Mentor principals have played a critical role in the success of the Latino Enrollment Institute (LEI) since the program’s inception in 2012. The experience, accountability, and personal attention that these leaders provide has been a defining characteristic of the LEI, helping Catholic school principals—and their teams—institute lasting changes.
After schools attend the LEI summer conference, mentor principals maintain regular contact with the 4-6 school leaders in their group through monthly video conference calls. These conversations, which focus on various themes related to Latino outreach, recruitment, and enrollment, are an opportunity for school leaders to learn from one another and receive real-time consultation and feedback from their mentor on some of the things that they’re doing in their school.
The commitment of our LEI mentors, most of whom are still active Catholic school principals themselves, is truly the engine that drives the LEI.
This month, we highlight Dr. Jocelyn Smith. Jocelyn has worked in education for over 20 years and has served as a mentor principal since 2018. Jocelyn has served as lower school principal at St. Anne-Pacelli Catholic School in Columbus, Georgia, since 2014. When Jocelyn became principal, the school was declining in enrollment and facilities were in desperate need of renovations. She and the high school principal began a capital campaign to improve facilities. During this same time, she realized a huge need for a Catholic preschool. She opened the first Catholic preschool in the Diocese of Savannah in 2015. The road to growing enrollment was not easy. It required improving academics, increasing technology and renovating facilities. Under her leadership, Jocelyn, along with other school leaders, turned a struggling Catholic school with declining enrollment into an incredible success story. Her school has increased enrollment to capacity with several grades on extensive waitlists. St. Anne-Pacelli now outperforms all diocesan and national norms in every grade level in every content area. The school’s mission is evident in every inch of the campus. You are known. You are loved. You are prepared. It is for that reason that each and every day is a GREAT day to be a Viking.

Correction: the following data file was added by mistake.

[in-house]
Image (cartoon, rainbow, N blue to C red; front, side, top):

Read the interview below to learn a bit more about Jocelyn Smith, her LEI journey, and what continues to fuel her passion for Catholic education and serving Latino families.
Let's start with a fun question. What is your favorite go-to recipe?
Ha! With four kids, my favorite go-to recipe is one that they all eat. Growing up in a Cuban household, picadillo was a staple. It was served alongside white rice and black beans. It was my mom’s go-to and has become mine too. I must admit, it is also a favorite because it lends itself to hidden veggies that the kids have never noticed.
You grew up in New York. Can you tell us a bit about your experiences in Catholic schools as a child?
When I first became a principal . . . I wanted to see my old school and share that I had become a Catholic school leader. I didn’t understand why such an amazing school that formed me would have closed . . . I quickly learned the hard truth of the enrollment crisis. It scared me and invigorated me at the same time. We have a great product and I vowed that what happened to Our Lady of Good Council wouldn’t happen to St. Anne-Pacelli.
I grew up in New York City and was incredibly blessed to have attended Catholic schools from Pre-K to college. Catholic schools in New York City were everywhere. They were filled with students and run by sisters. It was a wonderful experience. I was surrounded by ethnic and cultural diversity in every grade. When I first became a principal, I wanted to go back home and visit my school. I eagerly went to 91st Street between 1st Avenue and 2nd Avenue; to my disbelief, Our Lady of Good Council was closed. It was an incredible feeling of sadness. I wanted to see my old school and share that I had become a Catholic school leader. I didn’t understand why such an amazing school that formed me would have closed. About a week into Catholic education, I quickly learned the hard truth of the enrollment crisis. It scared me and invigorated me at the same time. We have a great product and I vowed that what happened to Our Lady of Good Council wouldn’t happen to St. Anne-Pacelli. It has been a labor of love but something I absolutely adore.
How have you been moved and inspired through the work of the LEI?